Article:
United Kingdom

An Overview of Attractions on the London Pass

by Paul Joseph  |  Published November 17, 2022

If you’re visiting London and intend to visit several attractions during your stay, you may want to consider purchasing a London Pass.

A Thames Clipper riverboat cruises past the Tower of London (Photo: Geoff Henson via Flickr / CC BY-ND 2.0)

Let’s not make any bones about it: London can be an expensive city to explore. From restaurants, to transport, to attractions – if you’re trying to stick to a budget then it helps to know some of the tricks of the trade, including discounted offers. Luckily, when it comes to the city’s array of famous sites and places of interest, there’s a great way to keep your costs down: the London Pass.

A digital sightseeing credits package, the London Pass is popular with visitors planning to see more than just a few of the city’s best known tourist spots. Giving you free access to over 90 attractions across the capital, you can purchase a pass that’s valid for anything from one to ten days, with the only requirement that you use it over consecutive days. Sounds interesting? Read on for our full overview of the London Pass, including where you can use it, how to use it, and how much it costs.

How to buy the London Pass

Passes can be purchased via the official London Pass website. Just select a duration of your choosing – anything from one to ten consecutive days – and once bought you then download the pass with its special code to your phone to show at the gate of any participating attraction. Alternatively, you can print out your code as a hard copy instead. You have two years to activate your pass from the date of purchase. To help you plan your adventure, there’s also a free smartphone app and downloadable guidebook.

Inside Shakespear’s Globe Theatre (Photo: Andrew Wilkinson via Flickr / CC BY-SA 2.0)

How much it costs

Whether or not the London Pass represents value for money for you will depend in large part on how many attractions you plan to visit over the course of your stay – and how many of them are included with the pass (more info on this below). Passes are available for both adults (anyone over 16) and children (aged 5 to 15), with under 5s benefiting from free entrance to most London attractions. As of 2022, prices start at £79 for adults for a one day pass, rising to £179 for the maximum 10-day pass. Children’s passes start at £50 for a one-day pass, rising to £115 for a 10-day pass.

A bird life talk at London Zoo (Photo: S Pakhrin via Flickr / CC BY 2.0)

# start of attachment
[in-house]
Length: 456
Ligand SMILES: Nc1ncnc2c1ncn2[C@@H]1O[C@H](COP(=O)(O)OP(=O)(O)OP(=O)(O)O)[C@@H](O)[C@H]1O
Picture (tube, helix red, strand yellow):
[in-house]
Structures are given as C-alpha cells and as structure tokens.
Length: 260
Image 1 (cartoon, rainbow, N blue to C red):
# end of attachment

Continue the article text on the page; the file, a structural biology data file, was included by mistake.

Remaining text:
What attractions you can use it for

London Pass holders are currently granted free admission to over 90 museums, monuments, palaces, castles, tours, and other attractions. Among them are: Westminster Abbey, the Tower of London, Kensington Palace, The View from the Shard, St. Paul’s Cathedral, Shakespeare’s Globe, Tower Bridge, Hampton Court Palace, Windsor Castle, The ZSL London Zoo, Kew Gardens.

However, before deciding whether a London Pass is right for you, it’s worth checking the attractions that AREN’T included with the London Pass. Currently these include the London Eye, Buckingham Palace tours, London Dungeon, London Aquarium, and tours of the Houses of Parliament. You should always make sure you have access to the latest list, as these are subject to change.

The ArcelorMittal Orbit at Queen Elizabeth Olympic Park (Photo: Savan Gandecha via Flickr / CC BY-ND 2.0)

Other benefits

As well as free access to the attractions listed above and many more, the London Pass also comes  with a number of other perks and benefits. Among them is fast-track access to several attractions, including Tower of London, Hampton Court Palace, London Zoo, where you get to skip the ticket lines.

The London Pass also enables visitors to take advantage of a number of discounts on things such as food and drinks, entertainment, theatre tickets, massages, walking tours, river cruises, cell phone hires, and souvenirs at specified businesses. These can often vary, so you should check the app for any discounts included during your dates of travel.

All London Passes also include a one-day free Hop on Hop Off Bus Tour ticket and a one-day River Boat ticket. To get your bus ticket, show your London Pass to the bus ticket seller or staff member before you board at any of the designated stops. You can get on and off the bus as many times as you like in a single day. Riverboat tickets can be used to board or disembark boats at 23 piers across the city. Tickets can be redeemed from the ticket offices found on the piers between Westminster and North Greenwich.

Finally, visitors also have the option buy a London Pass + Travel package, which entitles you to an Oyster Travelcard, which is much cheaper than buying single tickets for travel in London. Your Oyster card will be assigned with enough credit to cover the amount of travel associated with your chosen London Pass. So for example, a two-day London Pass comes with two days of travel, a 3-day pass with three day of travel, and so on. The Oyster Travelcard provides access to all London Transport Networks, which are the London Underground (Tube), city buses, Docklands Light Railway, and overground trains.

Alternatives to the London Pass

If you’re visiting London for a short space of time, there are a number of alternatives to the main London Pass that can often work out as the more affordable option. The London Explorer Pass with 3 or 5 Attractions includes a handful of the city’s most famous sights for prices starting at just £60. Another popular choice is  Merlin’s Magical London comparison with 4 Attractions, which covers 3 London highlights from the Merlin Entertainment Group and a hop-on hop-off bus tour for 1 day, with prices starting at £75.

The London Pass can be purchased via GetYourGuide. To help keep your travel plans flexible, you can reserve your spot and pay nothing until later.